Bulgogi beef steak – succulent, delicious, top-quality, Scottish beef, marinated fresh every day, and served pink to rare.
Korean – Japanese fusion (but mainly Korean)
Bulgogi beef steak. (£7/£10). Their signature dish is bulgogi beef steak. (Literally, it means fire meat.) Bogna and Aga use bavette – reputed to be the tastiest beef cut of all – and they cook it on a griddle until it is pink or rare. (Bavette should not be cooked more than that.) They buy the beef in the market early in the morning.
Vegan bulgogi. (£5/£9). This is cooked with the same bulgogi marinade as the beef version, but in place of beef you get organic tofu or soy chunks, mushrooms, and seasonal vegetables such as courgettes .
Korean barbecue chicken. (£5/£9). Chicken thighs cooked in gochugaru chilli and gochujang.
Avo and kimchi. (£5). Half an avocado and kimchi (standard or vegan), and edamame beans.
Rice and salad are included in the price. All of them include
Sushi rice (or brown rice, or sometimes kimchi fried rice),
Danmuji, which is a yellow pickled radish
Rainbow slaw (seasoned with toasted sesame oil vinegar brown sugar)
Kimchi, standard or vegan. They make their own vegan kimchi.
You can order extra portions of most constituents for an extra £1 each.
All dishes come with
gochujang chili sauce – fermented chilli sauce, which is very flavoursome, sweet, and unique among other chili flavours
miso sauce, which is Korean doenjang sauce
mixed toasted sesame seeds.
They serve everything in biodegradable packaging. The utensils are made from potato starch and corn starch and they are compostable.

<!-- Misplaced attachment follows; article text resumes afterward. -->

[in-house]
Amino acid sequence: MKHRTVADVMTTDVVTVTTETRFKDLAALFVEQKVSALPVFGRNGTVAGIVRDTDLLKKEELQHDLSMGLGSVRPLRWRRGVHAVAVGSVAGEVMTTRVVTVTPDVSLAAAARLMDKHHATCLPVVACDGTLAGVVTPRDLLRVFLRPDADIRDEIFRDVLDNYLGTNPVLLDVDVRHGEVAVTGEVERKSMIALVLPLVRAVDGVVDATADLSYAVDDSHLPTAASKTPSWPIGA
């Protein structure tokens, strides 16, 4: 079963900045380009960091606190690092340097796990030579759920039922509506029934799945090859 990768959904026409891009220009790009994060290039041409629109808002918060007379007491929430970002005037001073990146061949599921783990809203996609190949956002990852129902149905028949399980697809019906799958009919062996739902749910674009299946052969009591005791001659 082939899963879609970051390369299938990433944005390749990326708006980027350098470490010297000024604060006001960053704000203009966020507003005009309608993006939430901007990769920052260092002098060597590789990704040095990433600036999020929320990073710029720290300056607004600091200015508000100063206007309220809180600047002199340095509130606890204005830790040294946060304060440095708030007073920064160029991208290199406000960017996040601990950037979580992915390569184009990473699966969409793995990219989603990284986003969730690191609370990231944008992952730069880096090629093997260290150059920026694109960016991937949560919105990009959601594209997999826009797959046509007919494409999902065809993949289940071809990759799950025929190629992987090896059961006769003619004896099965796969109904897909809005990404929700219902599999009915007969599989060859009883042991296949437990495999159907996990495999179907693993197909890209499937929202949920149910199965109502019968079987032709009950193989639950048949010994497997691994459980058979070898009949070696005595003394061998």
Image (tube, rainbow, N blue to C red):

Bulgogi marinade is the basis of most of these dishes. It is a specific Korean marinade made with soy sauce, spring onions, ginger, sesame oil, black pepper, pears, brown sugar, garlic, and a splash or two of gochujang
Who your chefs are
Their names are Bogna and Aga, and they are not Korean, they are Polish. Why would Polish people be attracted particularly to Korean cuisine? Easily, Bogna explains to me. Korean and Polish cuisines both widely use fermented food. So, it is very natural for Poles to turn their hand to Korean cooking. Bogna also studied sushi, so she has a talent for Japanese-style cooking to contribute.
Bogna and Aga have known each other since they were teenagers. They went to art college together where they studied woodcarving. Aga became an antique restorer, specialising in painted furniture. Bogna went into lacquer and gilding work, and eventually specialised in mending clavicles and harpsichords. From there, the obvious next step was into bulgogi marinades and rainbow slaws.
Aga and Bogna are uncompromising on doing everything to the highest standards and in a completely authentic way. They start very early in the morning. The first stop is at Smithfield Market to pick up choice cuts of bavette steak. The erect their stall by 7.00 am and begin marinating the steaks for the day.
They begin serving at around 11.30 am, and you will be giving yourself a real treat if you stop by their stall for your takeaway lunch.